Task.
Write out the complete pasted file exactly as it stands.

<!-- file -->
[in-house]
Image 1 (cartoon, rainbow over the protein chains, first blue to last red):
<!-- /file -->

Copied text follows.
[in-house]
Image 1 (cartoon, rainbow over the protein chains, first blue to last red):